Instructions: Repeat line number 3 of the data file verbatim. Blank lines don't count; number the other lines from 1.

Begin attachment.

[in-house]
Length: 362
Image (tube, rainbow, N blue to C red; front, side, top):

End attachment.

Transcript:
Image (tube, rainbow, N blue to C red; front, side, top):